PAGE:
Oh what a slippery slope…

I wasn’t always a spendy person.  First, we didn’t have much money growing up so I couldn’t very well spend money we didn’t have right? And second, I knew what the value of a savings account was and I knew I wanted one really badly! In fact my first ever time I received a savings account and I got to write “deposit $200 date” and have the bank teller sign it, I was so excited I was practically dancing. I put more money in as fast as I could. I received the left over from my first year in college and part went to savings, part went to checking (and yes, it shouldn’t have gone either of those places but at least I was putting some into savings right?).  I got a job at McDonalds that I HATED but every other week, I loved stopping at the bank and putting money into savings and then some into checking.  I paid myself first!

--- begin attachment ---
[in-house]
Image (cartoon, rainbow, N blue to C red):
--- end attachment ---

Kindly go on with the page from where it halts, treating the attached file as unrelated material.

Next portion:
So what happened to that girl?  Life—first I left a family member borrow money to pay her bills.  She was always going to pay me back and I never really said anything.  And then I started to notice her being able to buy some odds and ends but she still had to come to me for money.  And I put up with it for a few more weeks as I was able to explain it away rather well.  Then I was asked to pay for my brother’s very expensive going away plus his birthday party and I’d be paid back.  A few weeks before I was to go back to college, I asked for something back.  Turns out that on a few shopping trips I went with that family member, I WAS being paid back but I didn’t know it.  She never bought me anything and always asked if I wanted to go to keep her company in the first place but I when I said yes, that meant I was being paid back.  I still can’t find where the logic in that is.  But I didn’t push it as I didn’t want to start an issue. I did stop going on those trips though.